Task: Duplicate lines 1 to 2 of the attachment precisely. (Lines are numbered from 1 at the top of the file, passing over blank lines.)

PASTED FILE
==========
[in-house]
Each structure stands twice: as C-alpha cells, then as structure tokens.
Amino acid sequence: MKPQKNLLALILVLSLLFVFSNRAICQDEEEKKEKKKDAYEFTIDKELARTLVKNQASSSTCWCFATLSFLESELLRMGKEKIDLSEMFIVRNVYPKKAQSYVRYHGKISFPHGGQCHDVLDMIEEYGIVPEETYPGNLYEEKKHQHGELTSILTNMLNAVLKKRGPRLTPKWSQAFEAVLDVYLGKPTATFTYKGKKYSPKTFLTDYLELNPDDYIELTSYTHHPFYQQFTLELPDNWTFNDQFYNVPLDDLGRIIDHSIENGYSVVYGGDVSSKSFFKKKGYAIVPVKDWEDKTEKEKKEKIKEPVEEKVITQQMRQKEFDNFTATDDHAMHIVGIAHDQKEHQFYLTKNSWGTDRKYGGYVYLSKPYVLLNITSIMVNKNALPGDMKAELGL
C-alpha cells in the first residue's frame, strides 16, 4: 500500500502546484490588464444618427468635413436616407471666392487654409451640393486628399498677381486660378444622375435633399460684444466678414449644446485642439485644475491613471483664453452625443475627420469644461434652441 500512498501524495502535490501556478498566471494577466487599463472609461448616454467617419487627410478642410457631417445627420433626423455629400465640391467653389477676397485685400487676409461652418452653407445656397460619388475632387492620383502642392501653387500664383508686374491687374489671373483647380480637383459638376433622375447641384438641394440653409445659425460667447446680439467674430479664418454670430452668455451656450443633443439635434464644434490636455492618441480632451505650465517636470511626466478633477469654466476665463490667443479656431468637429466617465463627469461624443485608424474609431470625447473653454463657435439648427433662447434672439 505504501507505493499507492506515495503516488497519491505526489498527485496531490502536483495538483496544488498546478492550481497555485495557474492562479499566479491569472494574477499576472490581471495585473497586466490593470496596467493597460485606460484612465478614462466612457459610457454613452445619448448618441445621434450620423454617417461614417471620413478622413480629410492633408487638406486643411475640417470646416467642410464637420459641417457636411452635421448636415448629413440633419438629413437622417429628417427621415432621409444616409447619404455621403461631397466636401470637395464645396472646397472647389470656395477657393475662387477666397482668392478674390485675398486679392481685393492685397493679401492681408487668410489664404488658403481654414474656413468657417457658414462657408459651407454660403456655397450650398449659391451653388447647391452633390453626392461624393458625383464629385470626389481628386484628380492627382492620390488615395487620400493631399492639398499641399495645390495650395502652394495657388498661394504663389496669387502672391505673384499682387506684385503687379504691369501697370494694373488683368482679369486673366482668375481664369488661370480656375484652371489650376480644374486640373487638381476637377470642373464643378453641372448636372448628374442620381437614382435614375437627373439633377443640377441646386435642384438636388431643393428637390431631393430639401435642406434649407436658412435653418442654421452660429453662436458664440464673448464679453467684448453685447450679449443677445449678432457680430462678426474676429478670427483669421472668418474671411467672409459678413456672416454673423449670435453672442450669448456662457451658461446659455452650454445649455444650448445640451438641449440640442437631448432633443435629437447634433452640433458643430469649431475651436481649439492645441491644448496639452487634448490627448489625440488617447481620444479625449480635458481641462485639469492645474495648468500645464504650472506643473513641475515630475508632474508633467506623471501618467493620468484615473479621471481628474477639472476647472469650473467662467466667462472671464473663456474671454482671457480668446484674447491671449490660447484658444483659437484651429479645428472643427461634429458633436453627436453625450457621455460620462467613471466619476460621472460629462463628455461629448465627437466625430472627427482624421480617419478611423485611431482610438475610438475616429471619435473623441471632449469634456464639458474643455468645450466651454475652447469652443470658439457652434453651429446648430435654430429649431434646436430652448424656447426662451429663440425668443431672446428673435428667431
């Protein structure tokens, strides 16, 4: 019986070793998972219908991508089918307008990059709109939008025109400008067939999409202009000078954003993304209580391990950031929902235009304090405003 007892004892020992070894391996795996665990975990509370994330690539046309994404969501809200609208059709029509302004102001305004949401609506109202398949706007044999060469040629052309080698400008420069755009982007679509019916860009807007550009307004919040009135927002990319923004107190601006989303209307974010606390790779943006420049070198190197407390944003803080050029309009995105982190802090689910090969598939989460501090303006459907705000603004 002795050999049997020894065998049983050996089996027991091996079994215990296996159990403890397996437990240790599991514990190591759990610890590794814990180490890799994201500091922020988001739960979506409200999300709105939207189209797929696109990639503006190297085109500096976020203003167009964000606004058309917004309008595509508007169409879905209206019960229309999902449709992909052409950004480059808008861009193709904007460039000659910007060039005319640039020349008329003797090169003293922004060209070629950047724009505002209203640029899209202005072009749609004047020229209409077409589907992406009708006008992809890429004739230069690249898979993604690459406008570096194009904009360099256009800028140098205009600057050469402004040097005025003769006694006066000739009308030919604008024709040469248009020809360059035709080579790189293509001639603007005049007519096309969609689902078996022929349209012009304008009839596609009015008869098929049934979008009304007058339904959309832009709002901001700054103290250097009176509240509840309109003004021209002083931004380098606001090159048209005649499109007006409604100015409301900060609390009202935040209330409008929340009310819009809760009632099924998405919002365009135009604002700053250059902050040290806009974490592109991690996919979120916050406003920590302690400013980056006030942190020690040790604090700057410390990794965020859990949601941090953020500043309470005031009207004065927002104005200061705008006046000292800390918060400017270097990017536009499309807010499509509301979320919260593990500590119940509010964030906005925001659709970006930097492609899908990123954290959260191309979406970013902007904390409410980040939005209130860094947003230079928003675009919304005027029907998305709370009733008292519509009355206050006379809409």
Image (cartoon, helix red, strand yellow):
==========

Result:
[in-house]
Each structure stands twice: as C-alpha cells, then as structure tokens.